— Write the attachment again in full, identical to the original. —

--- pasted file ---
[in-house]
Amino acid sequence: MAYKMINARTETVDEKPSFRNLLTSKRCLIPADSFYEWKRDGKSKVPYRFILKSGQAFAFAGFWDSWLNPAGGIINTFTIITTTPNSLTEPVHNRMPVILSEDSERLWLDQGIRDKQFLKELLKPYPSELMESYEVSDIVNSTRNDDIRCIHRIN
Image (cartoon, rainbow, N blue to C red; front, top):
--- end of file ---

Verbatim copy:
[in-house]
Amino acid sequence: MAYKMINARTETVDEKPSFRNLLTSKRCLIPADSFYEWKRDGKSKVPYRFILKSGQAFAFAGFWDSWLNPAGGIINTFTIITTTPNSLTEPVHNRMPVILSEDSERLWLDQGIRDKQFLKELLKPYPSELMESYEVSDIVNSTRNDDIRCIHRIN
Image (cartoon, rainbow, N blue to C red; front, top):